you have to know how to fly a circuit with the ASI covered. Plus with the wings being so long aileron drag becomes a real issue so you learn instinctively to use rudder to co-ordinate turns. It really teaches sound flying skills.” The one factor inherent in gliding is that every landing is essentially a forced landing since once the lift is gone the only place left to go is ether back to the airfield, or in the case on a long cross country flight, a convenient paddock that is hopefully close to a road for easy retrieval. “We teach decision making that’s variable when you are doing a forced landing after every flight. It’s all good character building stuff. Students learn good planning in all of their flying so if an outlanding is required they have the confidence to carry it out as if they are landing on the airfield,” he says “I’ve applied it to my power flying since I’ve had a couple of forced landings and I know it helped me. The decision making was there. We don’t do a lot of that in power flying.” Gliding is still an affordable entry into aviation as the main cost is for the tow plane, though some clubs get around this by offering the option of a winch launch where a long cable is reeled in pulling the glider into the air. On a good day a launch

can get to 2000 feet, which is plenty of height to allow a decent chance of finding lift. Richard says glider pilots have very little trouble transitioning to powered flying, though a few quirks peculiar to gliding operations appear during training. “I have a friend who is a power instructor and he once said to me that all the glider pilots I sent to him to learn power flying were spot on with very good stick and rudder skills. Their only problem was they flared too late because in a glider you are very low to the ground on landing. They also had a tendency to overshoot on landing since in a glider you set up a high approach to ensure you are going to make the runway, then use the airbrakes to modify the descent angle.” Power pilots transitioning to gliders find the process equally easy in some ways, but challenging in others. “Power pilots transitioning to gliding is generally a pretty easy process. They understand the aerodynamics and they usually have the discipline to learn. All you really have to do as an instructor is start looking at their decision making and fitting it in with how we do things. Of course one of the major parts is teaching them to use their feet! With the amount of aileron drag from the long wings we all have to watch how we use rudders,” he says.

“The spin training is good, since that’s not taught in general powered flying, though it’s not about aerobatic flying. It’s about when we are thermaling a glider we are near the stall so it’s easy to get into an incipient spin if you misuse rudder. It can get out of control really quickly so we teach full spins. “It all comes down to decision making, which is the same with a powered aeroplane, but in a powered aeroplane you

have a throttle so you can change your decision during the approach a lot easier. In a glider your airbrakes are your throttle but you never want to get into an undershoot situation. There’s a lot of runway in front of you and there is a lot more time to make those decisions than people think. “I think that’s one of the barriers power pilots have trouble getting over when learning to land without an engine.”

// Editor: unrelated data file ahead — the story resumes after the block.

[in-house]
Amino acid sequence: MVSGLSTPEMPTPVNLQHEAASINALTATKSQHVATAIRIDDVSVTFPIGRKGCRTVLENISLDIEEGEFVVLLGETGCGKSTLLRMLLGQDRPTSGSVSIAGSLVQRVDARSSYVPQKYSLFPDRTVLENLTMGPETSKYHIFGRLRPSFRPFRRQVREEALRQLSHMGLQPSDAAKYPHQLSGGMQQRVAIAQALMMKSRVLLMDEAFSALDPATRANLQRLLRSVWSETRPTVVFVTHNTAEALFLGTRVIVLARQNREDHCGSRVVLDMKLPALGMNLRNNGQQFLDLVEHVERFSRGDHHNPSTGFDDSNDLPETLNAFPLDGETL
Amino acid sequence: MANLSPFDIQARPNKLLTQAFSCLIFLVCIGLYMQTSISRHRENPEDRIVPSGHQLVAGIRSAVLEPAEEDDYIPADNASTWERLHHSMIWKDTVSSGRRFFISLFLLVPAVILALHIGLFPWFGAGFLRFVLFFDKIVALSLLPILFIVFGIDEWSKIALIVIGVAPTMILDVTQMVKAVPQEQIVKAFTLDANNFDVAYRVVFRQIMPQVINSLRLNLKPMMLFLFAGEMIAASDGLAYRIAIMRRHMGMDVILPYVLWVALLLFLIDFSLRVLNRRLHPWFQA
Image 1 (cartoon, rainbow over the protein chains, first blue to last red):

COMEROO CAMEL STATION Flying is about travel and destinations off the beaten track. Mark Smith visited one he has plans of going back to.


e all fly for different reasons. For me it’s about travel, following my own agenda on my own timeline, while still covering a lot of miles quickly. One day when I’ve retired, I’ll happily become a grey nomad and take my time driving but at this point in my life I want to see the country, but not take too long. To get to Comeroo Camel Station would be a bit of drive. It’s out the back of Bourke as they say, literally. If you live in any of the capital cities on the east coast it’s not somewhere you’d aim to be at during your twoweek driving holiday. But when you can fly, as we can, a whole new world opens up. We visited the farm during a threeweek trip, first tracking up the east coast to Airlie Beach before heading inland. From Bankstown it’s three and a bit hours flying at around 110kts, while from Archerfield it’s just under four hours.



What you get for the effort is a true outback experience, while maintaining a few home comforts. The Sharpe family have lived on the land at Comeroo since 1919. Bruce Sharpe and his wife Chris have set up the operation so that many varied interests are catered for. Want to look for beautiful native birds? The vast local wetland provides ample opportunity to observe rare species like the Halls Babler and the Chestnut Breasted Quail Thrush. The waterways also allow for fishing and yabbying, with the day’s catch cooked on the open fire for dinner. A canoe trip up the Cuttaburra creek is on offer for those who want to explore the local area. However, to simply relax, a wagon ride, pulled by two of Bruce’s finest camels, will take you to the artesian bore, where the water flows all day at 44C, which is perfect

for allowing the pressures of daily life to slip away. If you are of an astronomical bent and the weight and balance on your aeroplane allows, a telescope is a must bring accessory since being 150km from Bourke there is no light pollution. The dark night sky is filled with a million stars, which is one of the reasons I love touring the outback so much. Bruce has an amazing collection of old farm equipment, which he is happy to show off to anyone interested. After enjoying a beautiful sunset, the roaring fire allows guests to gather and chat under the stars. Bruce has a fully stocked bar and meals are available. If you haven’t managed to catch a fish, this is probably the best option for fly ins as carrying food in an aeroplane can be problematic! Be warned: if you do opt to have one of the Comeroo meals, come to the table with a big appetite